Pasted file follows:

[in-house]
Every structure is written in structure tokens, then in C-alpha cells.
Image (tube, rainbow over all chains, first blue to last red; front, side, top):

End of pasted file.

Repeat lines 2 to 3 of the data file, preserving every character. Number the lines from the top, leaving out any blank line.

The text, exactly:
Every structure is written in structure tokens, then in C-alpha cells.
Image (tube, rainbow over all chains, first blue to last red; front, side, top):